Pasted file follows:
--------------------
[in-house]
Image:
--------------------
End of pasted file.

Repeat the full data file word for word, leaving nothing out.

[in-house]
Image: